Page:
Health Care Workers Face Increased Risk of Mortality From HIV, Other Bloodborne Diseases, Study Finds
November 20, 2008
A new CDC study published in the American Journal of Industrial Medicine has found that health care workers face an increased risk of dying from bloodborne diseases, such as HIV, and related illnesses compared with workers in other fields, Reuters reports. The study also found that male health care workers face a more than twofold risk of dying from HIV/AIDS-related causes. According to researchers Sara Luckhaupt and Geoffrey Calvert of CDC's National Institute for Occupational Safety and Health, accidental needle sticks and other workplace accidents can put health care workers at an increased risk of exposure to bloodborne diseases. Luckhaupt notes that evidence over the past 20 to 25 years shows that health care workers have been more likely to die from bloodborne diseases than workers in other fields, Reuters reports.
Luckhaupt said that the researchers are unable to say how much the increased risk is because of occupational or non-occupational exposure but added that it is "important to look at both." The researchers wrote, "The greatest limitation to our study was that information was not available on possible confounding factors, such as sexual risk behaviors, history of blood transfusions, intravenous drug use and alcohol use." They added that previous studies indicate that most infections among health care workers are not contracted on the job and that occupational factors could be a stand-in for other risk factors. They suggest that "interventions to decrease the risk of bloodborne pathogens among health-care workers may need to be gender-specific" in order to better understand why male health care workers show an increased risk for bloodborne disease mortality (Harding, Reuters, 11/19).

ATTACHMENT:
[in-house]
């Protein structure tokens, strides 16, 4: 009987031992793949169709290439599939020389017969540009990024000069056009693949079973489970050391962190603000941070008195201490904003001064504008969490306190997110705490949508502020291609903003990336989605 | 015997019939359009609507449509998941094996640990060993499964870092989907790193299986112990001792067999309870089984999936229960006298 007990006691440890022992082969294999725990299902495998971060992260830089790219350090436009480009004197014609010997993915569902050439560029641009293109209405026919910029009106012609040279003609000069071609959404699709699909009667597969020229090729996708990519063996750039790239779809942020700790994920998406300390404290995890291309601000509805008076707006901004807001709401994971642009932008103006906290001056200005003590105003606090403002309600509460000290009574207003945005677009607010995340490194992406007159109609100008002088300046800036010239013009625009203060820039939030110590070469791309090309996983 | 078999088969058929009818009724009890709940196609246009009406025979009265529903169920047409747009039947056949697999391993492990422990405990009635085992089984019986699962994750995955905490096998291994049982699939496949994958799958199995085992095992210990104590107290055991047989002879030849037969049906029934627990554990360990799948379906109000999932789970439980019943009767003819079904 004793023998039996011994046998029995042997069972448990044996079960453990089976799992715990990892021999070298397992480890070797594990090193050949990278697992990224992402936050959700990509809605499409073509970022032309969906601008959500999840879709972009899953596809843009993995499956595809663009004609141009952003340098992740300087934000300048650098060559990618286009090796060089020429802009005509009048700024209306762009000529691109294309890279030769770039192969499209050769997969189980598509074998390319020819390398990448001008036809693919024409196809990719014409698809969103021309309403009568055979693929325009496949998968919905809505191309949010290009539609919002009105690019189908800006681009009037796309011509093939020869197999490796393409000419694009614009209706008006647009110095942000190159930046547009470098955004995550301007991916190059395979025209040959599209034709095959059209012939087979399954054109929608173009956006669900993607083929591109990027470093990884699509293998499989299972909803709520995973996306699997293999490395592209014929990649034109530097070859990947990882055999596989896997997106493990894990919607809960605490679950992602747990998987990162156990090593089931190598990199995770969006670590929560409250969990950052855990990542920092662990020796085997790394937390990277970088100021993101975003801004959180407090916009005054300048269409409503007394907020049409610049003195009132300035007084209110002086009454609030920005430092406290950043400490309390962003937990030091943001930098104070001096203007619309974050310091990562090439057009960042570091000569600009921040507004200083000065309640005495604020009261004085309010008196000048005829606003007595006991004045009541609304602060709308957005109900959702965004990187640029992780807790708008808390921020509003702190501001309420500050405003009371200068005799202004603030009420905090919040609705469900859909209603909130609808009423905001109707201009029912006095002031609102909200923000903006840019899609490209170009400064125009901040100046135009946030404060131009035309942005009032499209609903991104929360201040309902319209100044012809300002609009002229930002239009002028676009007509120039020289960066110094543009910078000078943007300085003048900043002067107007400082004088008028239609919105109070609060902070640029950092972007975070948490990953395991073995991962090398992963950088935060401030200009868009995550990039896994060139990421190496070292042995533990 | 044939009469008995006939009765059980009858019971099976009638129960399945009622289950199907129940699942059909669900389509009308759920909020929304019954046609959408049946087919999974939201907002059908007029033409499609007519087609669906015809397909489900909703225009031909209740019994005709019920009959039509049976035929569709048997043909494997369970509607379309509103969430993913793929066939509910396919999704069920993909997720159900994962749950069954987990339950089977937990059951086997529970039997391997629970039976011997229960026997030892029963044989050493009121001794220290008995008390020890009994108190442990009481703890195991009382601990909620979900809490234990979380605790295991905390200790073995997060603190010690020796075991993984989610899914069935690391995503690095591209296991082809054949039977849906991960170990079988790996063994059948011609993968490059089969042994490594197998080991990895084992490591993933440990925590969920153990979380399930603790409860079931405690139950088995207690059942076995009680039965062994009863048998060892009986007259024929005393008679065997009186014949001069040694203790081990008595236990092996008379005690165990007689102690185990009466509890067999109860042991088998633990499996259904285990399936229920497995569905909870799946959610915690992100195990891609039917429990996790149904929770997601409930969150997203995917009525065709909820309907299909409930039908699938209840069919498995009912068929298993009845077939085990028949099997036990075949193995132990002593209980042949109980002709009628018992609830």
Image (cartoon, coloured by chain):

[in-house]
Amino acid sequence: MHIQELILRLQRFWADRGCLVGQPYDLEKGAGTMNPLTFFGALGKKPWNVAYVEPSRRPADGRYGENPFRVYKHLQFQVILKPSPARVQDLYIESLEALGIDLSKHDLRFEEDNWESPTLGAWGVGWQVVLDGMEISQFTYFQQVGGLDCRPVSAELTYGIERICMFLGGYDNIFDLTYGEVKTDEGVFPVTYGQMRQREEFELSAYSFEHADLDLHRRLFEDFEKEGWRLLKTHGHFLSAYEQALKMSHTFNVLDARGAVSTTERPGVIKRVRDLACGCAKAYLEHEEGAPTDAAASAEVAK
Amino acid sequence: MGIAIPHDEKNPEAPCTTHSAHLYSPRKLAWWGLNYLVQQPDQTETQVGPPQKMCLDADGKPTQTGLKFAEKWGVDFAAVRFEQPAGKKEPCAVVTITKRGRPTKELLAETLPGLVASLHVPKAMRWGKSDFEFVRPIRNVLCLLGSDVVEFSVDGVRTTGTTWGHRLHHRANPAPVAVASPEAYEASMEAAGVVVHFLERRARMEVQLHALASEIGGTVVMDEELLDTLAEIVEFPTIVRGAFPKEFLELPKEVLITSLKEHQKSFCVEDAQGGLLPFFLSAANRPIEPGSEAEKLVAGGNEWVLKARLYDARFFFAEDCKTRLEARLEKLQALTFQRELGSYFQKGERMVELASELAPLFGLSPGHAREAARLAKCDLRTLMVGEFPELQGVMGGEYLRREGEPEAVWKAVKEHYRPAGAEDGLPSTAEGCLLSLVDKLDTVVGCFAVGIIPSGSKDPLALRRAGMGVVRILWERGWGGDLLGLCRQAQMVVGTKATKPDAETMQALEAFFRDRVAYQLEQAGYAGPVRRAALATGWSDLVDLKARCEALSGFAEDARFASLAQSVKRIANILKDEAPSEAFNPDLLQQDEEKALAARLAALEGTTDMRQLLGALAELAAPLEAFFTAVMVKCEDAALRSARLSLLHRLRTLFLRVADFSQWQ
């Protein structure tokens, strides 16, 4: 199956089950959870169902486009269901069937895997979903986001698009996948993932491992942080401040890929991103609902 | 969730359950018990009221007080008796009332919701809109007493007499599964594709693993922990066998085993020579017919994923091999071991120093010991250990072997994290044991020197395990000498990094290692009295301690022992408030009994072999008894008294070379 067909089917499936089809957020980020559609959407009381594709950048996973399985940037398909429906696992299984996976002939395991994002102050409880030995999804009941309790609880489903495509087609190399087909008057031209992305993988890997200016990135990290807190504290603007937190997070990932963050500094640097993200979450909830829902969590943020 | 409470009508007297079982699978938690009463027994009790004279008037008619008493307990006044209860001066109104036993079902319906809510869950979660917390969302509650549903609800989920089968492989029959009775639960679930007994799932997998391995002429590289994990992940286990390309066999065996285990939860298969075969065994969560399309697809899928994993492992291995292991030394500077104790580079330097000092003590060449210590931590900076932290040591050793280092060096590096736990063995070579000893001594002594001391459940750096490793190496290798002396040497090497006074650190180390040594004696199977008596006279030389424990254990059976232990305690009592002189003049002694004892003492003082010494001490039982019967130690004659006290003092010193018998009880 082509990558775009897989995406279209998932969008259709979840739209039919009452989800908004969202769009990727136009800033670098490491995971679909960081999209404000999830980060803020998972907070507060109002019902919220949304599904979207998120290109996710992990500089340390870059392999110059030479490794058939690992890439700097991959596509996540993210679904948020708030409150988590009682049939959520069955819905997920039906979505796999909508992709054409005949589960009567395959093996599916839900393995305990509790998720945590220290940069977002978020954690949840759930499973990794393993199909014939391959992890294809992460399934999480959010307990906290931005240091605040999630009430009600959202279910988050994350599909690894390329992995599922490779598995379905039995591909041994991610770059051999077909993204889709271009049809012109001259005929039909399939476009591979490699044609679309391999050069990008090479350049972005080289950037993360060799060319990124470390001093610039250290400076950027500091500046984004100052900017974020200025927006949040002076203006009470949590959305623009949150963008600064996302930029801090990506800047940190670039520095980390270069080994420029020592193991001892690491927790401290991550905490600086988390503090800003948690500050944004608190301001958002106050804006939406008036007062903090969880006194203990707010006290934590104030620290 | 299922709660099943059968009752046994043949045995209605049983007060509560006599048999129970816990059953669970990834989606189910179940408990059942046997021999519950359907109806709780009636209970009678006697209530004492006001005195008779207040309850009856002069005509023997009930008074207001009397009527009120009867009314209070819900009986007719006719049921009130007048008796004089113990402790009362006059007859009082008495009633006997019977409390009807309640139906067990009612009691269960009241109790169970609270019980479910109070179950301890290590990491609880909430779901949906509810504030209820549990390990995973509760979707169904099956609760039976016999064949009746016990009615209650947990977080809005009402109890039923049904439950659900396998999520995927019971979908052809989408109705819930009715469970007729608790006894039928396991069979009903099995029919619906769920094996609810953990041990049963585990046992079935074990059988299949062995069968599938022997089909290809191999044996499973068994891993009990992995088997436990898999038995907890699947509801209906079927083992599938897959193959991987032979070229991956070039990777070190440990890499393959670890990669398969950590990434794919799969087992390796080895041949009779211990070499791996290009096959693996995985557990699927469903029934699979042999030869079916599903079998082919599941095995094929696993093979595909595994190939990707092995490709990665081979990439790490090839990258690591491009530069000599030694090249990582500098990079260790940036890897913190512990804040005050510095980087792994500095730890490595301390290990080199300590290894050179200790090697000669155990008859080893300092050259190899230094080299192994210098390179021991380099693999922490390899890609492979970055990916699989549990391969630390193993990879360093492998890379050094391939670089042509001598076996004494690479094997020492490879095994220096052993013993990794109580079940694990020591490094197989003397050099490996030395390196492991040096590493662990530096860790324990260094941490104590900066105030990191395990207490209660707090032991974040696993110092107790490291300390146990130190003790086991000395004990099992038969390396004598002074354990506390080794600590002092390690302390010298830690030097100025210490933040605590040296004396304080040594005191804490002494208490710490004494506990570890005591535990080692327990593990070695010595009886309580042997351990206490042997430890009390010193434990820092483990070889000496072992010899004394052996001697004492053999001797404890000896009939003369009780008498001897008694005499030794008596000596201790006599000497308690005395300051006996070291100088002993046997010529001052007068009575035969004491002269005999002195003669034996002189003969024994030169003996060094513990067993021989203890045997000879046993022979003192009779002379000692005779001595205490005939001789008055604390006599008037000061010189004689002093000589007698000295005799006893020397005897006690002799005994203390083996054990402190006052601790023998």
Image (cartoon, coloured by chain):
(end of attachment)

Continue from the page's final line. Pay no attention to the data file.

This article was provided by Henry J. Kaiser Family Foundation. It is a part of the publication Kaiser Daily HIV/AIDS Report. Visit the Kaiser Family Foundation's website to find out more about their activities, publications and services.